This is a short presentation on some of the confusing aspects of transaction handling in SQL Server. We start with transaction naming:
Even on a case-insensitive database this will fail:
But this will not fail:
And even this will work because transaction names are totally ignored when issuing a COMMIT:
A sorely missed feature of SQL Server is native "autonomous transactions." This is where you "pause" the current transaction and spin up a new transaction. When the new transaction "completes" (commits or rolls back) then we continue the paused transaction. Some use cases:
- out-of-band logging/auditing
- custom sequence generators
.NET and Java developers have the concept of .REQUIRES_NEW to "pause" an existing transaction and start a new, autonomous transaction. Under the covers this is implemented as a new spid with potentially different transaction semantics. I give some demos on how to use Linked Servers in SQL Server to generate your own autonomous transactions.
Implicit Transactions (IT) cause inordinate confusion. At their worst they can cause what appears to be massive blocking events on your server. Most developers and data access technologies do not use IT, the notable exception being the Java world (Spring JDBC, WebSphere, etc). When SET IMPLICIT_TRANSACTIONS ON is set a transaction is started for you...if it is needed. That "if" statement is what causes problems because the "if" assumptions are not properly documented by Microsoft. If your driver forces you to use IT then ensure that whenever a connection is pulled from the pool that sp_reset_connection is being called. This will reset the IT setting. If this isn't done then you can "leak" connections where a developer might have turned OFF IT to get finer-grain control. That's a big problem.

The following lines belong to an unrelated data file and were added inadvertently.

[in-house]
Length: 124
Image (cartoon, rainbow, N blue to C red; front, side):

I have lots of demos on the confusing aspects of implicit transactions as well as how to monitor your server for IT anomalies that may cause blocking or "abandoned spid" problems for you.